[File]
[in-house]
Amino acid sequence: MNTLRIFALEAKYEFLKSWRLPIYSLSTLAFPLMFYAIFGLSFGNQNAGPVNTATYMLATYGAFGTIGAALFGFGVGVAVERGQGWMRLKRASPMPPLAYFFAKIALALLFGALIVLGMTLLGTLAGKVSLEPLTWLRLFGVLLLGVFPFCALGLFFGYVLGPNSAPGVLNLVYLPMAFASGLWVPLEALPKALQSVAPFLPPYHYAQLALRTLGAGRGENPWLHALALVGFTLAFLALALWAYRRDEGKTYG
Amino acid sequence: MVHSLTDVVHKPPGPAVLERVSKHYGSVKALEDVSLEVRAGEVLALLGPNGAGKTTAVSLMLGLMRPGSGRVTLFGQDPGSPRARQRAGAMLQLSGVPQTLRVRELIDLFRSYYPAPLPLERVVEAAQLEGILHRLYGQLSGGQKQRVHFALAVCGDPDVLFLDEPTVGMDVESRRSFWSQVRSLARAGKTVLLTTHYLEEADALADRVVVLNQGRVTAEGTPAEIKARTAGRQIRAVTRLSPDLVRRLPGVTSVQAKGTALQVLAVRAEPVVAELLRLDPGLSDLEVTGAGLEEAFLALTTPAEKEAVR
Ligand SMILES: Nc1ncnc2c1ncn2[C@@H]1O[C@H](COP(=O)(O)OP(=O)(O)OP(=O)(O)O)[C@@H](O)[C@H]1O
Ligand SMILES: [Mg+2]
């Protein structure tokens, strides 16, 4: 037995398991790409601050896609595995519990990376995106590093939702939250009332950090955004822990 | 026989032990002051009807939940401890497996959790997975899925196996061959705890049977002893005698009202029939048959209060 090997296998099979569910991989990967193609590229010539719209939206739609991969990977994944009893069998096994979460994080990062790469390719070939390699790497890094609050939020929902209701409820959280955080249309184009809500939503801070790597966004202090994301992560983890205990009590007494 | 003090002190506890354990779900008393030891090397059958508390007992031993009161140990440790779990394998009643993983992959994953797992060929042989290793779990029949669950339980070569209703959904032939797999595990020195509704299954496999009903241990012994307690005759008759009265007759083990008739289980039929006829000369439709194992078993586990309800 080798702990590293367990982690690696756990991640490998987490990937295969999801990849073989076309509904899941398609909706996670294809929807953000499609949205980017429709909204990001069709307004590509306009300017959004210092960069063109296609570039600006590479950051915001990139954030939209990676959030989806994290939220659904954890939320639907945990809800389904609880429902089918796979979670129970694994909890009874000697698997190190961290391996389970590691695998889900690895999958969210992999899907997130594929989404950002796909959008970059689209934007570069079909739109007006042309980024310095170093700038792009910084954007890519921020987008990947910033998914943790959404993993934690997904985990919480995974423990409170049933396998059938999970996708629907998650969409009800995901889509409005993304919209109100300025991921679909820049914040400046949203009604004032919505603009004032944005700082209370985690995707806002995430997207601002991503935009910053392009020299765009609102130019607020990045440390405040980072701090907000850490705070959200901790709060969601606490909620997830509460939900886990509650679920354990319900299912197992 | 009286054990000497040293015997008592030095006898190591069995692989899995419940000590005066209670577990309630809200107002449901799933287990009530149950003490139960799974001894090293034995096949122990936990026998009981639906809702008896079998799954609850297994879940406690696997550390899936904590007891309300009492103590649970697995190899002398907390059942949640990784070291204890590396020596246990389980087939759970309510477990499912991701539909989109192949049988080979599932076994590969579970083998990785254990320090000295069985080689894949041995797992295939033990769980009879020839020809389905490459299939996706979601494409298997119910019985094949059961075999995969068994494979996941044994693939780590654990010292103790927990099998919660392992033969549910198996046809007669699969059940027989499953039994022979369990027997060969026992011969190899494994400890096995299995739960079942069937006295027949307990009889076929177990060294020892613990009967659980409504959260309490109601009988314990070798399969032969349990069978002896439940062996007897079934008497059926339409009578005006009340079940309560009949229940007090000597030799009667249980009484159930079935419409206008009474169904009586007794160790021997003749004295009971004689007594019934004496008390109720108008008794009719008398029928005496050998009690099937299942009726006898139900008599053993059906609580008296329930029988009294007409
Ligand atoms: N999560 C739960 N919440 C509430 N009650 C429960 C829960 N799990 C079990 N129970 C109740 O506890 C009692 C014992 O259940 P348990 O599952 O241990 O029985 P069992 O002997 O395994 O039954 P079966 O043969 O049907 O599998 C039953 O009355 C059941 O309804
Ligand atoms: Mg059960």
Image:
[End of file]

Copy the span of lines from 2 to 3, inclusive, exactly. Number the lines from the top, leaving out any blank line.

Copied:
Amino acid sequence: MNTLRIFALEAKYEFLKSWRLPIYSLSTLAFPLMFYAIFGLSFGNQNAGPVNTATYMLATYGAFGTIGAALFGFGVGVAVERGQGWMRLKRASPMPPLAYFFAKIALALLFGALIVLGMTLLGTLAGKVSLEPLTWLRLFGVLLLGVFPFCALGLFFGYVLGPNSAPGVLNLVYLPMAFASGLWVPLEALPKALQSVAPFLPPYHYAQLALRTLGAGRGENPWLHALALVGFTLAFLALALWAYRRDEGKTYG
Amino acid sequence: MVHSLTDVVHKPPGPAVLERVSKHYGSVKALEDVSLEVRAGEVLALLGPNGAGKTTAVSLMLGLMRPGSGRVTLFGQDPGSPRARQRAGAMLQLSGVPQTLRVRELIDLFRSYYPAPLPLERVVEAAQLEGILHRLYGQLSGGQKQRVHFALAVCGDPDVLFLDEPTVGMDVESRRSFWSQVRSLARAGKTVLLTTHYLEEADALADRVVVLNQGRVTAEGTPAEIKARTAGRQIRAVTRLSPDLVRRLPGVTSVQAKGTALQVLAVRAEPVVAELLRLDPGLSDLEVTGAGLEEAFLALTTPAEKEAVR